I would also say to the OP that Park City would check all the boxes for both downhillers and non-downhillers. Nordic skiing is big there. Additionally, they have a very efficient and FREE public transit system which eliminates the need for a rental car while you are in town. And, while you are there, make sure you ski Deer Valley (assuming there are no boarders in your fam, DV prohibits them). It's a real throwback and a treat.

  3. #23
    Join Date
    Feb 2007
    New Jersey
    Quote Originally Posted by Channing View Post
    If you are going mid-December you really need to watch for snow reports. The last few years Park City has taken a little longer to build a base. Steamboat or maybe even Whistler (if Canada is an option) are probably your best bets for early season skiing. That said, on the whole, nothing beats Park City for convenience. SLC has tons of flights in and out and is only 30 minutes from the mountain. Vail / Beaver Creek are both great, but much like Steamboat, EGE has limited flights (one per day for Delta out of Atlanta). If you are not seasoned skiiers, I can't imagine that you are too concerned about the terrain, but in any event Park City / Canyons is massive with something for everyone (and DV is right there for the country club skiing folks).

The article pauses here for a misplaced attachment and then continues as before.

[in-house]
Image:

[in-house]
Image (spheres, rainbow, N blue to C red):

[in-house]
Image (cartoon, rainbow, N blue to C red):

Excellent caveat. Park City's home page says winter begins Nov 19th, but I highly doubt that. Their mountain cams show a base of 0-2" right now and today's high will be 50 deg. My trip there was in late Jan when things were in full swing. Early-mid December would tenuous at best.

  4. #24
    Join Date
    Jan 2010
    Outside Philly
    Some folks acclimate pretty well it some just canít go above a certain elevation no matter how fit they are or how they try to acclimate.

  5. #25
    Join Date
    Sep 2007
    Bethesda, MD
    Quote Originally Posted by rsvman View Post
    There is definitely a reason they call it Alta!
    Alta is a bit of a unicorn in that it's a) got awesome snow b) it's one of a handful of resorts that don't allow snowboards, and c) there's not a lot of housing at its base. The no-snowboarding rule really affects customer demography - the only young people there are with their parents! I know I'm a crusty oldster, but I liked the reduced number of hellions at Alta.

  6. #26
    Join Date
    Feb 2007
    New Jersey
    Quote Originally Posted by bundabergdevil View Post
    Some folks acclimate pretty well it some just canít go above a certain elevation no matter how fit they are or how they try to acclimate.
    Couldn't agree more. What I was trying to get across was that, at least in my case, ability to acclimate declines (dramatically) with age.

  7. #27
    Quote Originally Posted by construe View Post